How has the transition been moving to ASTM?
It’s been a great transition. I’m really excited to learn more about standards, as much as I thought I knew, I did not know as much as I thought and I probably didn’t know as much as a lot of people, but I’m learning a great deal. The team is exciting and interesting and really talented. We have a lot of fun, even though we haven’t been in the same office too often yet, we’re certainly having fun and as we are coming out of COVID and this industry is really starting to kick again and move forward we’re poised to be able to support that. Not only with some of the services we provide but also our upcoming event in November, ICAM. Talk about a very interesting event. It’s much more scientific and research focused than others, but it is growing exponentially, and I am looking forward to going to that and seeing all the neat stuff coming up and coming into the future for additive.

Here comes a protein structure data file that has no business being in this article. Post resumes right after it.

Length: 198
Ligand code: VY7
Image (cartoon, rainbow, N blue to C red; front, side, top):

What is the general theme for that specific event?